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Sree Rajah Vasireddi Venkata Lakshmi Narasamma Bahadur Manne Sultan Garu, Dharmakartha of Bhava Narayanaswamy Devastanam Vs. the Secretary of State for India in Council Represented by the Collector - Court Judgment

LegalCrystal Citation
CourtChennai
Decided On
Judge
Reported in47Ind.Cas.606
AppellantSree Rajah Vasireddi Venkata Lakshmi Narasamma Bahadur Manne Sultan Garu, Dharmakartha of Bhava Nara
RespondentThe Secretary of State for India in Council Represented by the Collector
Cases ReferredIn Sri Balusu Ramalakshmamma v. Collector of
Excerpt:
grant, construction of - water rights--grant of land bounded by non-navigable river-ownership of bed of river--presumption--burden of proof. - - the presumption may be strong or weak according to the circumstances of the particular case, and the amount of evidence required to rebut it will vary accordingly......proceeded in section 4 to make a distinction as to the ownership of churs in navigable and non-navigable rivers, which, in the opinion of sir m.r. westropp, c.j , in baban mayacha v. nagu shravucha 1 ind. dec. 441 raised an inference, though not conclusive, that the beds of non navigable rivers are generally private property. the observation of the judicial committee in john doe v. east india com. 6 m.i.a. 267 appears to proceed upon the same view. the law was laid down in the same way in rajah neelanund sing v. rajah teknarain singh cal. (1862) sdar 160 and by the calcutta high court in hunooman doss v. shamchurn bhutta, 1 hay 426 and bhagee-ruttee dabea v. greesh chunder chowdhry 2 hay 541 , where the court held that 'by the common law of this country the right to the soil of the.....
Judgment:

1. In Bengal Regulation XI of 1825, the Legislature, acting, as recited in the preamble, on reports from the law officers as to the provisions of the Muhammadan and Hindu Laws and on a consideration of the decisions of the Sudder Adalut, proceeded in Section 4 to make a distinction as to the ownership of Churs in navigable and non-navigable rivers, which, in the opinion of Sir M.R. Westropp, C.J , in Baban Mayacha v. Nagu Shravucha 1 Ind. Dec. 441 raised an inference, though not conclusive, that the beds of non navigable rivers are generally private property. The observation of the Judicial Committee in John Doe v. East India Com. 6 M.I.A. 267 appears to proceed upon the same view. The law was laid down in the same way in Rajah Neelanund Sing v. Rajah Teknarain Singh Cal. (1862) SDAR 160 and by the Calcutta High Court in Hunooman Doss v. Shamchurn Bhutta, 1 Hay 426 and Bhagee-ruttee Dabea v. Greesh Chunder Chowdhry 2 Hay 541 , where the Court held that 'by the common law of this country the right to the soil of the bed of a river, when flowing within the estates of different proprietors, belongs to the riparian owners, ad medium filum aquae.'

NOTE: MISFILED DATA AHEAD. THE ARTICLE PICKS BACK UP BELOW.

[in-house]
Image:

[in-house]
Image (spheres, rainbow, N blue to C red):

2. In this Presidency the decisions of the Sudder Court in Sree Rajah Ooppalapaty Jogee Jaganadheruze v. Sub-Collector of Rajahmundry (1858) S.D.A.180 and of the High Court in Subbaya v. Yarlagadda 1 M.H.C.R. 255 were to the same effect. It is only in the case of navigable rivers that the presumption has been laid down the other way by the Judicial Committee in Eckowri Sing v. Heeraloll Seal 2 B.L.R. 171, Felix Lopez v. Muddun Mohun Thakoor 5 B.L.R. 521 and Nogender Chunder Ghose v. Mahamed Esoff 10 B.L.R. 406, while in Forbes v. Meer Mahomed Hussein 12 B.L.R. 201, it appears to be assumed that in the case of non-navigable rivers the ownership of the bed is in the riparian owners. The decision of the Judicial Committee in Kali Kissen Tagore v. Jodoo Lal Mullick 5 C.L.R. 97 and Khagendra Narain Chowdhry v. Matangini Deli 17 I.A. 62 : 8 Ind. Dec. 1087 appears to proceed on the same basis. In Sri Balusu Ramalakshmamma v. Collector of the Godavari District 1 Bom. L.R. 696 where the appellant before them sought to base her title to the Lanka in question on the presumption arising from the fact that she was the owner of both banks of the river, their Lordships observed that such a claim was not made by the pleadings or by the issues, and was one about which much evidence might and probably would have been given if it had been raised; and they accordingly declined to discuss the question because it was not relevant to the case made by the plaintiff, and merely observed that, having grave doubts whether the presumption ap-plicable to little English livers applies to great rivers such as the Godavari, they would require to know much more about the rivers in question before deciding as to the presumption or its rebuttal. This reservation, in a case in which the question in their Lordships opinion did not arise and in which the authorities above referred to were apparently not cited, cannot be taken as a ruling that the presumption is generally inapplicable in the case of non-navigable rivers in this part of India. Certain dicta as to the ownership of river-beds were also cited from recent cases in this Court, but they are far from uniform and in none of these cases was the present question con- sidered in the light of the authorities. We, therefore, consider it unnecessary to refer to them. The result of the authorities in our opinion is that, as regards a grant of land in India described as bounded by a non-navigable river, the onus of showing that the grant did not cover the bed ad medium filum aquae is on the grantor. The presumption may be strong or weak according to the circumstances of the particular case, and the amount of evidence required to rebut it will vary accordingly. We do not think it desirable to attempt to lay down any more definite rule. Reference has been made to The Madras Land Encroachment Act, Act III of 1905, but that Act cannot affect the pre-existing rights, if any, of the grantee in this case.


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